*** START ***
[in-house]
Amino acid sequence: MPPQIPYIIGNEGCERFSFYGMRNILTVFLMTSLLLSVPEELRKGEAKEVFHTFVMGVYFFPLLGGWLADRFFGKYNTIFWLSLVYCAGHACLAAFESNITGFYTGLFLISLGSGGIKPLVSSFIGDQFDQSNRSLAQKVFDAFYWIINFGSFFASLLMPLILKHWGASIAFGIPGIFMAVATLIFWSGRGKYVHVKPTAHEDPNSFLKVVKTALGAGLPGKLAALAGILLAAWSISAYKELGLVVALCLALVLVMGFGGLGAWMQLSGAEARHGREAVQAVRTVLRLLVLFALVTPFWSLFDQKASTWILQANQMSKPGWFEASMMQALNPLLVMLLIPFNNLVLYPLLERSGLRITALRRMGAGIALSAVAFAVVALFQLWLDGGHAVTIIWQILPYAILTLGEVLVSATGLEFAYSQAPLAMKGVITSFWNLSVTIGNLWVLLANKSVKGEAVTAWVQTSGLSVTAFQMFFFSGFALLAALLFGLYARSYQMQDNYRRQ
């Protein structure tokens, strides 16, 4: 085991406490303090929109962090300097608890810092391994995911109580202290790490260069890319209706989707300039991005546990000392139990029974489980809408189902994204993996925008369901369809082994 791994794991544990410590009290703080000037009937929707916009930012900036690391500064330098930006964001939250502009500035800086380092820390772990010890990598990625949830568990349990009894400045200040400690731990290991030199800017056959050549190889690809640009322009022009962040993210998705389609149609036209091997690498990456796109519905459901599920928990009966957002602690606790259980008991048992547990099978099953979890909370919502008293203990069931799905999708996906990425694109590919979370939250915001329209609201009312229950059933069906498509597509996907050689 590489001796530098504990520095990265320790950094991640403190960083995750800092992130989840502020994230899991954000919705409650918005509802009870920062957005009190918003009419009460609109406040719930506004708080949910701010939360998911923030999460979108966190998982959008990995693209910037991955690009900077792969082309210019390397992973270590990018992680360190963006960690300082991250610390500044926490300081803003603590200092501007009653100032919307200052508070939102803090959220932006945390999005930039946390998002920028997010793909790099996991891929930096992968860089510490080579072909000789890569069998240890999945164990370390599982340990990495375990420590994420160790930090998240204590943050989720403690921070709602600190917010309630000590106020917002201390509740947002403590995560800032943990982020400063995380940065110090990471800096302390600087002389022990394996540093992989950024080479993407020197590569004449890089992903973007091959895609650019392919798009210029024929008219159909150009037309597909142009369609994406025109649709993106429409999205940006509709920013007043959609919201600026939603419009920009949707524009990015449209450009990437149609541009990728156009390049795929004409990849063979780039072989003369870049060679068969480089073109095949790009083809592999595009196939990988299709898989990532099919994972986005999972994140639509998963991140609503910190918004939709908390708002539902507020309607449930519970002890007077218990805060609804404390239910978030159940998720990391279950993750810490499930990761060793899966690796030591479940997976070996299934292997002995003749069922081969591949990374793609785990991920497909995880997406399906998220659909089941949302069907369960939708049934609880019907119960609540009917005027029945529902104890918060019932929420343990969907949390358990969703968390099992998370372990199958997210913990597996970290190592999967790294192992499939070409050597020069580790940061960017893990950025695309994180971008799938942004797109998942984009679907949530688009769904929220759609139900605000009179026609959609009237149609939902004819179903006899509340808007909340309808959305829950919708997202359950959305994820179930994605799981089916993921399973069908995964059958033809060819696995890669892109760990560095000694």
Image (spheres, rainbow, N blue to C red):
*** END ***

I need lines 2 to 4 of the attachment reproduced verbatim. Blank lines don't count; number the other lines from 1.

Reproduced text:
Amino acid sequence: MPPQIPYIIGNEGCERFSFYGMRNILTVFLMTSLLLSVPEELRKGEAKEVFHTFVMGVYFFPLLGGWLADRFFGKYNTIFWLSLVYCAGHACLAAFESNITGFYTGLFLISLGSGGIKPLVSSFIGDQFDQSNRSLAQKVFDAFYWIINFGSFFASLLMPLILKHWGASIAFGIPGIFMAVATLIFWSGRGKYVHVKPTAHEDPNSFLKVVKTALGAGLPGKLAALAGILLAAWSISAYKELGLVVALCLALVLVMGFGGLGAWMQLSGAEARHGREAVQAVRTVLRLLVLFALVTPFWSLFDQKASTWILQANQMSKPGWFEASMMQALNPLLVMLLIPFNNLVLYPLLERSGLRITALRRMGAGIALSAVAFAVVALFQLWLDGGHAVTIIWQILPYAILTLGEVLVSATGLEFAYSQAPLAMKGVITSFWNLSVTIGNLWVLLANKSVKGEAVTAWVQTSGLSVTAFQMFFFSGFALLAALLFGLYARSYQMQDNYRRQ
């Protein structure tokens, strides 16, 4: 085991406490303090929109962090300097608890810092391994995911109580202290790490260069890319209706989707300039991005546990000392139990029974489980809408189902994204993996925008369901369809082994 791994794991544990410590009290703080000037009937929707916009930012900036690391500064330098930006964001939250502009500035800086380092820390772990010890990598990625949830568990349990009894400045200040400690731990290991030199800017056959050549190889690809640009322009022009962040993210998705389609149609036209091997690498990456796109519905459901599920928990009966957002602690606790259980008991048992547990099978099953979890909370919502008293203990069931799905999708996906990425694109590919979370939250915001329209609201009312229950059933069906498509597509996907050689 590489001796530098504990520095990265320790950094991640403190960083995750800092992130989840502020994230899991954000919705409650918005509802009870920062957005009190918003009419009460609109406040719930506004708080949910701010939360998911923030999460979108966190998982959008990995693209910037991955690009900077792969082309210019390397992973270590990018992680360190963006960690300082991250610390500044926490300081803003603590200092501007009653100032919307200052508070939102803090959220932006945390999005930039946390998002920028997010793909790099996991891929930096992968860089510490080579072909000789890569069998240890999945164990370390599982340990990495375990420590994420160790930090998240204590943050989720403690921070709602600190917010309630000590106020917002201390509740947002403590995560800032943990982020400063995380940065110090990471800096302390600087002389022990394996540093992989950024080479993407020197590569004449890089992903973007091959895609650019392919798009210029024929008219159909150009037309597909142009369609994406025109649709993106429409999205940006509709920013007043959609919201600026939603419009920009949707524009990015449209450009990437149609541009990728156009390049795929004409990849063979780039072989003369870049060679068969480089073109095949790009083809592999595009196939990988299709898989990532099919994972986005999972994140639509998963991140609503910190918004939709908390708002539902507020309607449930519970002890007077218990805060609804404390239910978030159940998720990391279950993750810490499930990761060793899966690796030591479940997976070996299934292997002995003749069922081969591949990374793609785990991920497909995880997406399906998220659909089941949302069907369960939708049934609880019907119960609540009917005027029945529902104890918060019932929420343990969907949390358990969703968390099992998370372990199958997210913990597996970290190592999967790294192992499939070409050597020069580790940061960017893990950025695309994180971008799938942004797109998942984009679907949530688009769904929220759609139900605000009179026609959609009237149609939902004819179903006899509340808007909340309808959305829950919708997202359950959305994820179930994605799981089916993921399973069908995964059958033809060819696995890669892109760990560095000694």
Image (spheres, rainbow, N blue to C red):